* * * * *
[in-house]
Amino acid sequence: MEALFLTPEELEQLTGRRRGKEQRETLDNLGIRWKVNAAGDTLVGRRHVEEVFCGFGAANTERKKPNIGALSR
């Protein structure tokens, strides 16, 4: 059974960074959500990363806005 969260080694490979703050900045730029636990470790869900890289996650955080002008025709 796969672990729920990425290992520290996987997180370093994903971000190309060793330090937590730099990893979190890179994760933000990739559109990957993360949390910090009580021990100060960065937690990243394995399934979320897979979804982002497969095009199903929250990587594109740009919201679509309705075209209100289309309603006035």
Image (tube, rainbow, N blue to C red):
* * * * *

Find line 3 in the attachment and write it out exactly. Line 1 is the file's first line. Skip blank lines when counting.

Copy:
């Protein structure tokens, strides 16, 4: 059974960074959500990363806005 969260080694490979703050900045730029636990470790869900890289996650955080002008025709 796969672990729920990425290992520290996987997180370093994903971000190309060793330090937590730099990893979190890179994760933000990739559109990957993360949390910090009580021990100060960065937690990243394995399934979320897979979804982002497969095009199903929250990587594109740009919201679509309705075209209100289309309603006035």